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Story and History Narrative, Authority and Social Identity in the Eighteenth Century French and English Novel by William Ray

Story and History Narrative, Authority and Social Identity in the Eighteenth Century French and English Novel


Story and History Narrative, Authority and Social Identity in the Eighteenth Century French and English Novel by William Ray

A comprehensive , ambitious, and demanding critique of eighteenth-century English and French fiction, Story and History rereads the major works of the period as components in a systematic exploration of how the ordering of experience by individuals might relate to larger orders of authority. Interpreting the evolving thematic pattern of fiction in both countries as a plot in its own right, William Ray argues that the novel's rise in the eighteenth century coincided with a growing conviction - which the genre both reflected and fostered - that selfhood, social identity, public authority, and ultimately even historical truth and cultural values, all hinge on narrative representation. From the early novels of individualism, which emphasize the relating of personal experience as a means of altering social hierarchies and securing privileges for the exceptional individual, to the later metanovels, whose complex dialectical models of history both invite and exclude manipulation of the shared record, Story and History traces not only the relationship of individual story to collective history, but also finction's evolving grasp of its own cultural authority. Presented as an evolving story whose episodes are furnished by the successive works in treats, the sutdy seeks its model of the eighteenth century's understanding of narration and social reality within the stories of narrative manipulation contained in the most influential fiction of the period. Novels examined include: La Princesse de Cleves, Robinson Crusoe, Moll Flanders, Poxana, La Vie de Martanne, Le paysan parvenu, Manon Lescout, Pamela, Clarissa, Joseph Andrews, Tom Jones, Julie, ou la nouvelle Heloise, Tristam Shandy, Jacques le fataliste, and Les Liaisons dangereuses.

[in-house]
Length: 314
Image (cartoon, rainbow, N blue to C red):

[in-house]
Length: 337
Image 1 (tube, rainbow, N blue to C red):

About the Author

William Ray teaches at Reed College, Oregon. His previous publications include Literary Meaning: From Phenomenology to Deconstruction, also available from Blackwell, and numerous articles on literary theory. He is currently working on eighteenth-century poetics and theories of history.

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Book Info

Publication date

17th May 1990


William Ray

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Blackwell Publishers an imprint of John Wiley and Sons Ltd


400 pages


Literary studies: c 1500 to c 1800
Literary theory



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